Except in the cases of laboratory animals the toxicity level for manganese is unknown. But anyone considering taking ten or more milligrams of the mineral daily should consult a physician to monitor the manganese serum levels in the blood. Manganese is toxic in overdose.
Workers who have inhaled manganese dust have manifested a varied assortment of symptoms, such as ataxia (muscular incoordination), loss of strength, loss of appetite, frequent headaches, mental confusion and sometimes criminal acts. They have been known to first sleep constantly and then instead suffer from insomnia. Leukopenia (low white blood cell oount) and hypochromic anemia (reduced hemoglobin in the latter stages of manganese poisoning.
In lab tests massive feedings of manganese to rats have caused negative phosphorus balances and loss of calcium in the feces: as a result, severe rickets developed. In lambs iron absorption was diminished with a high intake of manganese, and in cows tetany (low calcium in the blood and body) developed.
One of the strangest and saddest symptoms of a deficiency of manganese is a woman's loss of love for her child after birth. Although she may feel very guilty about her feelings, she may not want to nurse or hold the infant or have anything to do with it. Along with this phenomenon her nipples may become very tender, and she may experience swelling of the lymph glands. She may want to be left completely alone and may suffer crying spells. Moreover, she may be testy, arguing easily.
Some other less noticeable symptoms of a deficiency of manganese are crackling or popping bones as a person gets up to walk or a burning or gripping sensation of the arms or legs. And the eyes may become red and swollen, although the individual has not cried recently.
With a severe deficiency in a child bone growth may be stunted. An outcome of a severe deficiency in an adult may be sterility or impotence.
In addition, one kind of diabetes is being blamed in part on a deficiency of manganese because the mineral plays a very important part in the glucose cycle by helping to remove excess sugar from the blood through either oxidation or storage.
Myasthenia Gravis (a disease that attacks muscle coordination and causes loss of strength) is felt to be related to a deficiency of manganese, too, as is multiple sclerosis (a nerve degeneration disease).
As I've indicated, the only tests with manganese have been conducted on animals. One experiment that caused some flurry among the scientific community showed that manganese inhibits iron uptake. The experimenters thought that perhaps iron and manganese share a pathway, but the general consensus since then is that there exist separate pathways for manganese and iron.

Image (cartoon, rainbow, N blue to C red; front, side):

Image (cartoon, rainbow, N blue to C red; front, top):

The amount of manganese in the body appears to affect cholesterol levels. The mineral has been used to bring levels of cholesterol down in cases of atherosclerosis In another test regarding fat and lipid metabolism manganese was found to increase cholesterol synthesis.
Scientists have found that administrations of estradiol (a steroid produced by the ovary and having estrogenic properties) increase the level of manganese in the blood, whereupon the thyroid gland tends to accumulate the mineral. Scientists have also found that estradiol given in sufficient amounts will depress the basal metabolic rate in a guinea pig. Women taking estrogen-hormone drugs should inquire if estradiol is in the drugs and then note if they have been experiencing hypothyroid symptoms. If hypothyroidism is suspected, the doctor should be informed so that tests can prove out the assumption.
Studies have indicated that two experimental cancers are cured or markedly inhibited by manganese malate. Furthermore, in test tube experiments manganese malate changed the respiration of these cancers from anaerobic (when a cell can exist without free oxygen taken from the body) to aerobic (when a cell needs free oxygen taken from the body to live and grow). By producing this change the mineral killed both types of cancer.
It is also thought that manganese promotes production and development of blood cells in the bone marrow.
And myasthenia gravis may be related to a deficiency of manganese. With the disease nerve endings that rely on cholin and acetic acid (acetylcholine) to transmit messages are defective. If too little manganese is available to help cholin, it is possible that the nerve impulse messages will falter or not reach their intended destinations, causing muscular weakness or incoordination. „„ u>
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